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Former Broker Sees Brighter Future For City

August 1, 2006
By MAYA RAO, Courant Staff Writer

When Bobsie Ness was a commercial real estate broker, she played a role in selling or leasing space in every major building in downtown Hartford, some two and three times over, during the 1980s and 1990s.

Her career survived - and flourished - despite a devastating statewide recession in the early 1990s. Before Ness left the office leasing business two years ago, she saw leasing recover, and now, she says there are other signs that Hartford is on course for a true revitalization.

"The trickle-down effect from all the residential units being built is the restaurant boom - there are all these nice restaurants, and there are more feet on the street," Ness said. "We've heretofore been a 9-to-5 city. ... I think with the convention center and all the new restaurants, there's a new appeal to a lot of individuals."

And news last week that The St. Paul Travelers Cos. is adding 500 workers downtown during the next two years and taking on more space is even more encouraging, Ness said.

Having moved to Hartford in 1972 and having begun work as a leasing agent in 1985, Ness was an observer of Hartford's economic landscape long before the recent uptick in downtown's fortunes. As the only prominent female commercial real estate broker in Hartford until a few years ago, Ness forged a reputation, first at Cushman & Wakefield and later at CB Richard Ellis, for being open and forthright with clients and aggressively securing business transactions.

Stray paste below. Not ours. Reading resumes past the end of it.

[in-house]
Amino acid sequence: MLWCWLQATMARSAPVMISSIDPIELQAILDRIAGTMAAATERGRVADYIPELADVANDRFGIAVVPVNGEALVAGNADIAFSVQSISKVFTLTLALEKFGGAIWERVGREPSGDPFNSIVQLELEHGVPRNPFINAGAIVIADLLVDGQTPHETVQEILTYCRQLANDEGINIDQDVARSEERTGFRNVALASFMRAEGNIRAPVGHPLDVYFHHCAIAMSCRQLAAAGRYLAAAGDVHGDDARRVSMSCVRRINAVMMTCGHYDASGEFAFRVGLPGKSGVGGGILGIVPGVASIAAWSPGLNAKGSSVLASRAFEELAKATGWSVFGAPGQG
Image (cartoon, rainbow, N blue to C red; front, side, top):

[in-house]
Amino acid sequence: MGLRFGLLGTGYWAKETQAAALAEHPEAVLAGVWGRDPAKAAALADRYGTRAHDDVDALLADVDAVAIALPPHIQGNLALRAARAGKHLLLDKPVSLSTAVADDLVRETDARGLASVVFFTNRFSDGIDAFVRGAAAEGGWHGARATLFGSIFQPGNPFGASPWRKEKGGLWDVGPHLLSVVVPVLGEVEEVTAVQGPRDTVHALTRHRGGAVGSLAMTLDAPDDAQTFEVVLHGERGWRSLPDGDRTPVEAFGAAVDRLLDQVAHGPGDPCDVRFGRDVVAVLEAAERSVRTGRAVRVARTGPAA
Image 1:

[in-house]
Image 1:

Since 2004, Ness has been general manager and chief operating officer of Marriott ExecuStay, a provider of temporary corporate housing, in New England.

"I've always seen myself as one of Hartford's biggest cheerleaders," Ness said one recent afternoon in her office on Weston Street. "I feel really proud I became a part of it in some way."

Yet Ness' assortment of professional awards and accomplishments belie the incidental origins of her career: When a divorce left Ness with a young daughter to raise, she became a leasing agent, at first out of necessity.

Ness was trained as a dental hygienist at the University of Pennsylvania, and later earned a bachelor's degree in biology from the University of Hartford. Ness had been taking pre-medical classes at the time, but had to abandon her dream of becoming a doctor to support herself.

Ness, 56, worked for several years as a leasing agent at Century Development in Hartford - the first building she was responsible for leasing was Hartford Square North, the so-called "Candy Cane Building" - before she joined the prominent firm Cushman & Wakefield. The switch came at the height of the real estate frenzy in the late 1980s.

"You were put at a desk, and there was the cost for each desk, phone and the office space. You had to produce over and above that just to keep your seat. ... There was a lot of pressure," Ness recalled. "It's not for most women."

But in a field where contacts are key, Ness had an edge: the numerous friendships she had developed long before she ever set foot in the office.